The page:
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Following the UK’s decision to leave the European Union, the result has been uncertainty and speculation as pharma attempts to understand its implications. How this change will effect the pharma and life sciences industry as well as the European community remains to be seen.
On June 23, a narrow majority voted in a referendum for the United Kingdom to leave the European Union (52% vs. 48%). With no member country having exited since the EU’s creation in the 1990s, this decision is unprecedented, resulting in uncertainty and speculation as industry attempts to understand its full implications. The UK’s new prime minister, Theresa May, hastily elected after the resignation of David Cameron, came into office proclaiming that “Brexit means Brexit.”
Clearly, continued market uncertainty may impact the health of industry in the UK. However, beyond any general economic considerations, what might the new reality facing the country and the European community be, and, how will the changes impact the pharmaceutical and life sciences industry?
The Status Quo No More
The UK life sciences industry contributes more than £50 billion to the UK economy, and with approximately one-eighth of the world’s most popular prescription medicines being developed in the UK, the industry has a reputation as a world leader in research and innovation.1 As far as most in the industry are concerned, both UK-based and beyond, the status quo of UK membership in the EU “works.”
The UK pharma industry enjoys many benefits through the country’s existing EU membership. The UK is recognized internationally as a center for research excellence, and, as a EU member, has had access to high levels of EU funding for research, development and innovation. Over the period 2007-2013, the UK received roughly 8 percent of the total research funds available, amounting to €8.8 billion and the fourth highest funding allocation across eligible countries. The current budget for EU research funding over the period 2014-2020 is €120 billion.2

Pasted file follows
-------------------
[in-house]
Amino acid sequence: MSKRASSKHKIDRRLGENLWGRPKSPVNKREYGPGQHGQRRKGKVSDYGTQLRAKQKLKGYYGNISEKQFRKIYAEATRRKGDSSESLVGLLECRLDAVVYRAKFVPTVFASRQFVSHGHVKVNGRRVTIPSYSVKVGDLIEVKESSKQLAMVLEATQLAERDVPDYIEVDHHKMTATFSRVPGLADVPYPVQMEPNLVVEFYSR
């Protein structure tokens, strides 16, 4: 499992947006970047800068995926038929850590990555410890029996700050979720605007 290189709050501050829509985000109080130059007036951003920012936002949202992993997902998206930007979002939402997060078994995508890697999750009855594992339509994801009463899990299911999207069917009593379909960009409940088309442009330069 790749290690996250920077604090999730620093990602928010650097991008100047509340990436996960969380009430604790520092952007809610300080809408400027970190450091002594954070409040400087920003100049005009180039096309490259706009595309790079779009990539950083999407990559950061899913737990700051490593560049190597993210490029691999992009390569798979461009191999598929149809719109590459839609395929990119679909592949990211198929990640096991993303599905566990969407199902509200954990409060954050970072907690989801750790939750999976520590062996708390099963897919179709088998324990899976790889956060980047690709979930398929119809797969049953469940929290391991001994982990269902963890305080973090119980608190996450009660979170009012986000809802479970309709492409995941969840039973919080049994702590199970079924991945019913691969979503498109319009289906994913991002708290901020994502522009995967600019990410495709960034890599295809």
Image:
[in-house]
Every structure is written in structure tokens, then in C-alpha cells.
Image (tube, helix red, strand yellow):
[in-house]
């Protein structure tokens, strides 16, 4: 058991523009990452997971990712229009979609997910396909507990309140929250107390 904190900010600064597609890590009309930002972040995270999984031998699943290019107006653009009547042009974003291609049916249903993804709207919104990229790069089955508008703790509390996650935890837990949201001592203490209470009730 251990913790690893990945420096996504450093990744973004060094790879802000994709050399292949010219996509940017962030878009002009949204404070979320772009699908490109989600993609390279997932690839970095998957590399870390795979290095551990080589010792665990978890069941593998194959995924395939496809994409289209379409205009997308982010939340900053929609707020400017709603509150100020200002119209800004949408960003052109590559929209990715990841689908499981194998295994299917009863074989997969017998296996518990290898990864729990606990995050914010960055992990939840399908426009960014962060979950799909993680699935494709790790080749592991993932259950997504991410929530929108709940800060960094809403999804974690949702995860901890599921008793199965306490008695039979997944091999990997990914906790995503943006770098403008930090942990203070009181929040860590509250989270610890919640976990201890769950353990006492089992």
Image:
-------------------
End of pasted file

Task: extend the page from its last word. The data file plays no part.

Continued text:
In addition, the UK pharma industry has access to a large workforce with all EU nationals possessing the right to work in the UK without needing a work permit or visa. In the first quarter of 2016, approximately 7 percent of the total working population in the UK were expatriate EU nationals.3
The European Medicines Agency (EMA), the central regulatory body for the EU, is housed in Canary Wharf in London where almost 900 staff carry out the agency’s business, leveraging scientific expertise from EU national regulatory agencies to evaluate medicinal products, provide scientific advice and monitor the safety of medicines across the EU. The current arrangement for review and approval of medicines’ licensing applications also allows reciprocal benefits regarding the access to medicines in the UK.
Additionally, pharma companies may obtain marketing approval in the UK at the same time as other EU member states while, in turn, the UK population may access all medicines approved either centrally by the EMA or through a decentralized procedure involving the UK. Likewise, the safety monitoring of medicines in the UK is closely linked to EU-level pharmacovigilance legislation and EMA initiatives. Finally, the review and approval steps required in advance of conducting a clinical trial in the UK are consistent with all other EU member states.
In short, the regulation of medicines in the UK is enmeshed in the EU-level platform to a significant extent. For many, the prospect of unpicking the UK from the current arrangements following an EU exit is daunting to say the least.
The Post-Brexit Landscape
Although some initial opinions suggested the referendum result might be advisory, the UK government has insisted the mandate will be respected and an exit is inevitable. However, the mechanics of a UK exit from the EU are far from clear and the implications of several possible models warrant consideration.
The Norway Option